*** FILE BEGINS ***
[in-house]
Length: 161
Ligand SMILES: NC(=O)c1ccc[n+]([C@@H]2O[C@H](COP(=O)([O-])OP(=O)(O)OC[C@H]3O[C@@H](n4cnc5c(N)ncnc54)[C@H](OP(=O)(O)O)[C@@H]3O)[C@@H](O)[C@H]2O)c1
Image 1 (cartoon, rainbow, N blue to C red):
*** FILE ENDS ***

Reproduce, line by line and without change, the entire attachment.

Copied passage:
[in-house]
Length: 161
Ligand SMILES: NC(=O)c1ccc[n+]([C@@H]2O[C@H](COP(=O)([O-])OP(=O)(O)OC[C@H]3O[C@@H](n4cnc5c(N)ncnc54)[C@H](OP(=O)(O)O)[C@@H]3O)[C@@H](O)[C@H]2O)c1
Image 1 (cartoon, rainbow, N blue to C red):